Drs. Larry Parsons and Wije Bandaranayake of the University of Florida / IFAS Citrus Research & Education Center in Lake Alfred, FL carried out research on one of these new soil moisture sensors, the ECH2O EC-5 manufactured by Decagon Devices. Their study evaluated the sensors in terms of volumetric soil water content estimation, probe-to-probe signal variability, response to fertilizer-induced salinity, soil volume sampled by the probes, sensitivity to pockets of air or dry soil, response to compaction (bulk density changes), and response to changes in soil temperature.
The results were published in the July-August 2009 issue of the Soil Science Society of America Journal and were presented at the annual meetings of the Soil Science Society of America held in November 2007 in New Orleans, LA. The work was funded in part by the Southwest Florida Water Management District.
Results showed that the new sensor has several advantages. The ECH2O EC-5 was not sensitive to salinity or temperature fluctuations. Although the soil volume sampled by the probe was small (about 15 cm3), the probe responded well to changes in soil water content in the field. The change in probe response was negligible when soil pores (diameter 0.95 cm) were created near the probe surface. Probes were sensitive to changes in bulk density. Signal output increased when soil was compacted. Probe-to-probe output signal variation and response to differences in bulk density can affect the estimation of field water content unless necessary correction factors are utilized.
Soil probes can be useful for monitoring soil water movement, estimating soil water content, and scheduling irrigation. They can be used on a variety of soils and with numerous crops. With a datalogger, soil water content can be monitored continuously over time and changing trends can be noted. Soil water data from these probes can be transmitted by radio to computers at other locations. Research using these and other sensors is continuing at the University of Florida to investigate ways to keep irrigation water in the main root zone, reduce deep percolation water losses, and minimize irrigation water use. With sensors such as these, improved irrigation efficiency is possible.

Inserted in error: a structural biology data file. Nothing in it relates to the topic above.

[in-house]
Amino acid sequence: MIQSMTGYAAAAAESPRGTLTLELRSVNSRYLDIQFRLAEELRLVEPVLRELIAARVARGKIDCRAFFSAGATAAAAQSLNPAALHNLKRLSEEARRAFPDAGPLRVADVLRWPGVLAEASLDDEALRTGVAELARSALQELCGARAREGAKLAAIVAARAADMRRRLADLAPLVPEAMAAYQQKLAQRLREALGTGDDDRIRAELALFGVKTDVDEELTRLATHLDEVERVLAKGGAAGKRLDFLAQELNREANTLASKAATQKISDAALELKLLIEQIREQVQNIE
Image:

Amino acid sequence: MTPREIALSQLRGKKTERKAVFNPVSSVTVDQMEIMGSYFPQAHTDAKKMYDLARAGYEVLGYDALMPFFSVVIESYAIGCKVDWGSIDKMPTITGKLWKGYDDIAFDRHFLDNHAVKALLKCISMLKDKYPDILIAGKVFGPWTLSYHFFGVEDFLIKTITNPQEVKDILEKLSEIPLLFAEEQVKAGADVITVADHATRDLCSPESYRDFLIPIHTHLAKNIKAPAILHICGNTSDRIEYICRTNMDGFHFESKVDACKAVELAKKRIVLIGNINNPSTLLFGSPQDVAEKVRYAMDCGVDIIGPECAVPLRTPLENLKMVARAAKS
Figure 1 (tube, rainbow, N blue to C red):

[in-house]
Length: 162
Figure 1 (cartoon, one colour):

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The full article is available for no charge for 30 days following the date of this summary. View the abstract at http://soil.scijournals.org/cgi/content/abstract/73/4/1378.
Soil Science Society of America Journal, http://soil.scijournals.org, is a peer-reviewed international journal published six times a year by the Soil Science Society of America. Its contents focus on research relating to physics; chemistry; biology and biochemistry; fertility and plant nutrition; genesis, morphology, and classification; water management and conservation; forest, range, and wildland soils; nutrient management and soil and plant analysis; mineralogy; and wetland soils.
The Soil Science Society of America (SSSA) is a progressive, international scientific society that fosters the transfer of knowledge and practices to sustain global soils. Based in Madison, WI, and founded in 1936, SSSA is the professional home for 6,000+ members dedicated to advancing the field of soil science. It provides information about soils in relation to crop production, environmental quality, ecosystem sustainability, bioremediation, waste management, recycling, and wise land use.
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